by Elfrieda Nikkel
There is Something you can do about it.
Paul found himself in a difficult situation one day. He had been so faithful in serving the Lord. He had given his life to share the Good News of the gospel. His heart was passionate to see people come to a faith in his risen Lord. But here he was, in prison,
Do you ever find yourself overwhelmed by negative feelings. They may be there because of a conflict in your marriage, difficult work situations, problems with your children, financial difficulties or just a feeling of hopelessness because life seems so unfair.
Is there anything that can be done about these negative feelings? Can we control our feelings? Can we change them? If you were asked to make yourself feel happy you would probably think of a wonderful experience you have had like winning a prize or experiencing a special celebration. On the other hand if you were asked to feel sad you would think of a very devastating or sad experience. This tells us that our feelings are usually connected to our thoughts. Often we cannot control the circumstances that lead to our thoughts but we can choose how we want to think about them and that in turn affects our feelings.
Paul found himself in a difficult situation one day. He had been so faithful in serving the Lord. He had given his life to share the Good News of the gospel. His heart was passionate to see people come to a faith in his risen Lord. But here he was, in prison, probably with his feet in stocks. Paul could have said, “It’s not fair” We might say, he had reason to complain. He could have blamed God for his difficult situation. He could have been overcome by negative thoughts and feelings because of his circumstances but we see Paul making a choice. He chose to focus on the good things, the blessings in his life. We read about this choice in the book of Philippians.
Even though he was in prison he made a choice to think about things that are honorable, right, pure, lovely, of good repute, what is excellent, and worthy of praise (Phil. 4. 8-9) and encourages his readers to do the same.
Paul made a choice to see the good that could come out of his imprisonment. He saw how his fellow Christians were encouraged to speak the word of God without fear, how the gospel was being shared in the prison, how his fellow Christians responded with kindness and we know how this also led to the writing of the book of Philippians in the Bible that has been so precious to Christians over the centuries.
Paul could rise above the negative circumstances because he chose to focus on the Lord. He chose to rejoice in all that the Lord offered him – his presence (v.s 5), peace when he gave his anxieties to the Lord (vs.6), contentment in all circumstances (vs.11 &12), strength to do all things (vs.13), and have all his needs met (v. 19)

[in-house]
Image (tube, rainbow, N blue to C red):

We too have a choice like Paul did. Difficult circumstances can so easily cause us to focus on negative thoughts which create negative feelings and also actions. This sets in motion a negative cycle that only leads to unhappiness, darkness and despair. In the same way, as we choose to focus on the blessings and the resources we have in the Lord, as Paul did, feelings of peace and rejoicing in the the Lord will follow.
Joan and Diana both faced the difficulty of having their marriage end in divorce. Joan spent years thinking how unfairly she had been treated, blaming her husband, complaining to everyone who would listen and mistrusting men because of it. She ended up feeling miserable and unhappy. Diana decided to make the best of her situation by going back to school and starting a career so she could support her family. She chose to forgive and focus on the positive things in life and on her faith in God. Her positive attitude helped her to do well at her job, be a good mom and eventually she attracted a wonderful Christian husband. It was all about how each chose to think about a difficult situation.
What do you choose to do with your difficult circumstances? You can choose to rejoice in the Lord as outlined in Philippians and dwell on the positive thoughts. These positive thoughts will produce positive feelings and also lead to actions that will bless and encourage others.
Philippians 2:13 tells us that God is work within us and helps us to want to do what He wants and then empowers us to do it. This means thinking positive thoughts. You may have God in your live, but not the Director of your life. I would encourage you to pray the following prayer asking Him to be the One who empowers you to think positive thoughts.
Dear Father, I need you. I acknowledge that I have sinned against you by directing my own life. I thank you that You have forgiven my sins through Christ’s death on the cross for me. I now invite Christ to again take His place on the throne of my life. Fill me with the Holy Spirit as You commanded me to be filled, and as You promised in Your Word that You would do if I asked in faith. I pray this in the name of Jesus. As an expression of my faith, I thank You for directing my life and for filling me with the Holy Spirit. Amen.
Saying this prayer is the first step–Jesus, in the person of the Holy Spirit will guide and encourage you every step of the way.
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